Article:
Publishers Weekly, familiarly known in the book world as PW and “the bible of the book business,” is a weekly news magazine focused on the international book publishing business. It is targeted at publishers, booksellers, librarians, literary agents, authors and the media. It offers feature articles and news on all aspects of the book business, bestsellers lists in a number of categories, and industry statistics, but its best known service is pre-publication book reviews, publishing some 8,000 per year. Each year for the past twenty-two years, PW honors one independent bookstore as Bookstore of the Year. This year, of the eighteen bookstores nominated, five have been named as finalists and the winner be announced during the BookExpo America held in New York City at the end of May.
Pete Mulvihill, co-owner of Green Apple Books in San Francisco, tells us about all of the expansions of the bookstore throughout the years, the success of California Bookstore Day and how to adapt when the universe bestows upon your bookstore some bursting pipes.
The Doctor TJ Eckleburg Review: What is the history of Green Apple Books?
Peter Mulvihill: The store was founded in 1967 as a small bookstore with just used books (750 square feet). It grew and expanded and added new books over the years. The last major addition was the annex (two doors down from the main store) in the late 1990s. That brought us to about 8,000 square feet and really bumped us from “neighborhood” bookstore to “destination” bookstore. The three current co-owners bought the store from the original owner in a ten-year buyout, concluding in 2009.
TJE: What challenges have you come across in running an independent bookstore?
PM: Well, in my 20 years, there have been external forces: discounting chains, superstore chains, Amazon selling new books, Amazon selling used books, eBay, eBooks, etc. And internal challenges: a unionization in 1992, a sewage leak from a neighboring restaurant under our floor, burst pipes during rainstorms, and so on. We’ve always done our best to adapt.
TJE: What are some successes and surprises you have had throughout the years?
PM: I think 2014 is our most exciting year thanks to three things: California Bookstore Day (an effort we helped spearhead) was tremendously successful here at Green Apple, and a ton of fun. Better still, it was successful at most of the 93 other participating stores; it’s gratifying to be part of something that lifts all boats. And the PW honor is a high point, of course. And we’re preparing to open a new store this summer. As for surprises, there’s the guy who dropped dead in the Military History section, the many marriages that have occurred between staff here, the generosity of a disabled architect who made us the coolest store map for free, and interesting books and people too numerous to name.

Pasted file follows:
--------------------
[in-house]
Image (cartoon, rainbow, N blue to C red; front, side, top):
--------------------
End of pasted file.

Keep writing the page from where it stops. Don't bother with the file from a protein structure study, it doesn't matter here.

TJE: What is your bestseller of the year so far?
PM: Guest Cat by Takashi Hiraide, largely because it was the January pick for our Apple-a-Month fiction subscription program, but also because a few booksellers here love it and hand-sell it.
TJE: What are some of the events you have hosted?
PM: We’re still glowing from CBD (check out these photos to see how much fun the day was); it was our busiest day ever that was not within a few days of Christmas. Beyond that, we had a great event with Allie Brosh last fall; she’s a gem. And all three owners were at the same reading a few months for the first time as we hosted Willy Vlautin (we have man-crushes on Willy and love his novels). I personally loved getting to meet Tom Drury last fall; great writer, nice guy.
TJE: If you could have any two writers collaborate on writing a mystery novel, who would they be?
PM: Hm. I think maybe Thomas Piketty and Cormac McCarthy. I like my mysteries dark and rife with economic policy insight.
TJE: Is there anything else you would like to share?
PM: We’re really grateful that we get to do this for a living. The several hundred people who walk in every day and buy a book (or a journal or LP or magazine) reinforce our faith in humanity.